What are the consequences of running a red light?

Once your vehicle is photographed running the light, you’ll be sent a red-light camera ticket by the Ministry of Transportation. The ticket will be mailed to the address of the registered owner of the vehicle. Owners receive a photo of their vehicle running the light with the date and time the photo was taken. The penalty for running a red light is $325, and the money collected is shared between the municipality where the violation occurred and the province. Demerit points are not issued for red-light camera offences because it’s impossible to confirm the driver of the vehicle.

What if I wasn’t driving?

This is a common occurrence that can lead to a lot of frustration. If you can’t see the driver in the photo, there is little you can do, unless you have another form of proof you weren’t there, such as evidence you were at work at the time the photo was taken. You have the right to contest the ticket, but it can be very hard to win. In some cases, you might get lucky and have a reduced fine, but considering the time and effort it will take to fight the ticket, it usually isn’t worth it. Your best bet is to speak to the driver and tell them they have to pay it. In theory, you could take them to small claims court if they refuse, but again, the time and effort to do so might not be worth it. Hopefully, you are only lending your car to trusted drivers, or at least to someone with the decency to pay the fine themselves!

How do I pay the fine?

Payment is simple, as the payment instructions are provided. You can pay online, by mail, or in person.

What if I don’t pay the red-light ticket?

As the owner of the vehicle, you are responsible for paying for the ticket. If you don’t, it could result in your license plate renewal permit being refused. As well, when you don’t pay for traffic offences, you put yourself at risk for license suspension.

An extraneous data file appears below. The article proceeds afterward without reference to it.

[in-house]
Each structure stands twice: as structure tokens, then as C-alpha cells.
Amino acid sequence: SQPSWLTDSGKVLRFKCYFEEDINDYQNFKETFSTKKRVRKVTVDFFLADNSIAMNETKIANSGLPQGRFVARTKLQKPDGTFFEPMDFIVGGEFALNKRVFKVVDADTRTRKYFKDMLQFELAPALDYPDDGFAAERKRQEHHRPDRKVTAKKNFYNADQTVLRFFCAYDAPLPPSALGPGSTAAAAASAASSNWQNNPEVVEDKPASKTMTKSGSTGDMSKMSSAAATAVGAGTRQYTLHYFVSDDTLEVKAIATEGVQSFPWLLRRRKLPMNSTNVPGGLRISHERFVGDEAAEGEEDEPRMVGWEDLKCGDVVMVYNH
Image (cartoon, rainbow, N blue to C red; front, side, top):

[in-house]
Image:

How do red-light tickets affect my insurance?

The only possible way you can run into insurance issues due to a red-light ticket is if you choose not to pay the fine on time, or at all. While demerit points aren’t added, and because the authorities can’t prove who was driving, generally, red-light tickets don’t affect your insurance. As mentioned above, if you don’t pay, you put yourself at risk for license suspension, which can affect your auto insurance premiums.

Understanding traffic laws will help you avoid not only penalties, but also putting yourself, fellow drivers, and pedestrians at risk. If you would like more information about auto insurance, contact us today.

Amanda May

Amanda began her insurance career in 2000. As a Chartered Insurance Professional (C.I.P.), Amanda is passionate about continued education for insurance professionals. Amanda teaches the Insurance Broker Licensing program through Durham College, and speaks about insurance related topics at B2B events.

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Oshawa Office 110 King Street East
Oshawa, Ontario, L1H 1B6

Lindsay Branch Office 16 Russell Street West
Lindsay, Ontario, K9V 2W7